Main cast: Charlotte Vega (Rachel), David Bradley (Bermingham), Bill Milner (Edward), Eugene Simon (Sean), Moe Dunford (Dessie), Roisin Murphy (Kay), and Deirdre O’Kane (Maura)
Director: Brian O’Malley
Rachel and Edward are two twins who live in their big, pretty, and hence creepy family manor in a rustic village somewhere in Ireland. They are considered odd, perhaps because they are burdened with an odd curse. They have to live by three ironclad rules: be asleep by midnight, no strangers allowed into the house, and should one sibling leaves, the other one dies. Worse, the family has a dark legacy: every generation, there would be a pair of twins who would commit incest, begetting the next generation who would then have to live under the curse, before drowning to death in the lake on the family grounds. Who imposed the curse? Well, that may have to do with the fact that the people in the house aren’t actually alone. They have mysterious “lodgers” that live under the house, and after midnight, they emerge from a trap door to have full reign of the house until dawn.
Rachel is almost eighteen, and there is little she wants more than to leave the house and be free of the curse. She certainly doesn’t want to sleep with her brother, that’s for sure! Edward, on the other hand, just wants to be left alone in the house with his sister. Yes, he’s a bit deranged, with “a bit” becoming “absolutely” as the movie progresses. When Rachel meets another fellow outcast, a former World War 1 soldier named Sean who comes back with his lower right leg blown off during the war, she is seriously tempted to seize a chance at freedom… and love.
The Lodgers is one of those beautiful movies with a gorgeous cast (Charlotte Vega and Eugene Simon get naked, from a rear end perspective, if you are one of those people who watch horror films for these things – not that we are judging, of course), lovely cinematography, and amazing set pieces all around. The first half or so of the movie is pretty intriguing, as there is atmosphere, a creepy build-up – just what is the curse all about anyway, hmm? – as well as the constant tease as to whether the curse is even real in the first place. The cast is competent, although poor Eugene Simon’s Sean is so bland that I don’t think he can do much with that role, and everything seems to be in place to present a solid Gothic horror movie…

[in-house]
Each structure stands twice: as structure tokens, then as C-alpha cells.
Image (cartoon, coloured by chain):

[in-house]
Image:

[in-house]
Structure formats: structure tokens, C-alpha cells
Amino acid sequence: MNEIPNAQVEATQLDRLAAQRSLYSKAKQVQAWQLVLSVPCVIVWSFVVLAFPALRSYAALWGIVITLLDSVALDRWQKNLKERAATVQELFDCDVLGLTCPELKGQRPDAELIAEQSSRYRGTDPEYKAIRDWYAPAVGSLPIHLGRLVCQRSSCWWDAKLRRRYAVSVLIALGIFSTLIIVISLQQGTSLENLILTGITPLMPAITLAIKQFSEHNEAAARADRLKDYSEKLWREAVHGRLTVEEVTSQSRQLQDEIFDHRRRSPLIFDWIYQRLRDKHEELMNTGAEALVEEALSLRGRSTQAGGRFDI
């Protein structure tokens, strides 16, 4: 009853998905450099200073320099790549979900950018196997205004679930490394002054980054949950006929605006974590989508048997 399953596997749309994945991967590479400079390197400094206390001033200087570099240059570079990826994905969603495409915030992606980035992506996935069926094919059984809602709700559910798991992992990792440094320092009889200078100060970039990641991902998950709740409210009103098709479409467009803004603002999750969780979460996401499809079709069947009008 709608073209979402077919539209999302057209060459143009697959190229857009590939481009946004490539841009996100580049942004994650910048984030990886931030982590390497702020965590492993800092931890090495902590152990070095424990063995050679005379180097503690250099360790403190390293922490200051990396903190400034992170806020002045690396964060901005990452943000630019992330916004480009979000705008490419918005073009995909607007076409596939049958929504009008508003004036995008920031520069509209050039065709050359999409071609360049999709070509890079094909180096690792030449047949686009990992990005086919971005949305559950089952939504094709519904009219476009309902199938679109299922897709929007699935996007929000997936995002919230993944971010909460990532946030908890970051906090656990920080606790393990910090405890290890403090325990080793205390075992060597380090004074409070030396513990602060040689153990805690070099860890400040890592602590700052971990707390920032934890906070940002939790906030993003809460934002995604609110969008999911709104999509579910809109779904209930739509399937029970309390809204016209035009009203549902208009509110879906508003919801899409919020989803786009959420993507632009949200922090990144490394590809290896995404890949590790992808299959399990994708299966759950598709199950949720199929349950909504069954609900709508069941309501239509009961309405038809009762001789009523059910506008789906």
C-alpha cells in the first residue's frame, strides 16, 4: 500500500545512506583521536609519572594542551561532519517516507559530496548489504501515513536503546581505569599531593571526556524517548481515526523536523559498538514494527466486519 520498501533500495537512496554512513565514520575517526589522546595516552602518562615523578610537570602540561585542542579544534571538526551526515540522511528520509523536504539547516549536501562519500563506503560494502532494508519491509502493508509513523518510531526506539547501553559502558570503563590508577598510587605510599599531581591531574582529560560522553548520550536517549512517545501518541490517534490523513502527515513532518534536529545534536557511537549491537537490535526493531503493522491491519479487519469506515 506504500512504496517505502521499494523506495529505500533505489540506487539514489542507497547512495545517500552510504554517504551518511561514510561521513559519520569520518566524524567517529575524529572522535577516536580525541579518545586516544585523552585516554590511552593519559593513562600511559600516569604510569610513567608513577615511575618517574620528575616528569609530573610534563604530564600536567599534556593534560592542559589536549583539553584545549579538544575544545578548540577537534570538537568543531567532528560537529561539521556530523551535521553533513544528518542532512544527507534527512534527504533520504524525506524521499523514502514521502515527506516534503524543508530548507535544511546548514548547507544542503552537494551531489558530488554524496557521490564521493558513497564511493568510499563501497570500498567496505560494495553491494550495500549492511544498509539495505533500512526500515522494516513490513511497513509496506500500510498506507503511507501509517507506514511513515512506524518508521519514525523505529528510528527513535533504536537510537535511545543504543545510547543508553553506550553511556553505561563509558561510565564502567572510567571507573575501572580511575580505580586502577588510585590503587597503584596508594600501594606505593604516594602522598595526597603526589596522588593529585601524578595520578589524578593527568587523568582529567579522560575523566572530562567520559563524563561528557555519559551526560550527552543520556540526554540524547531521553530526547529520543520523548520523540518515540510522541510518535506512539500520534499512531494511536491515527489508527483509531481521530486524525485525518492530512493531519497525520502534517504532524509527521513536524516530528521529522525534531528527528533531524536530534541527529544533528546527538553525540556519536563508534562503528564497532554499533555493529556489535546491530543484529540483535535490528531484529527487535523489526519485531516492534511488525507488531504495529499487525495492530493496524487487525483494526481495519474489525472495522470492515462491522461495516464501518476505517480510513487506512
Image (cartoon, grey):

That is, until the second half or so devolves into a predictable, oh so obvious series of tired horror tropes. None of the possible twists and turns hinted earlier come to fruition; despite the possibilities, what I see is what I get. That’s the biggest tragedy of this movie. It’s starts out promising to be something good, and ends up being something typical and forgettable. Like I’ve said, this movie is pretty enough and competently put together, but it is ultimately much ado about nothing.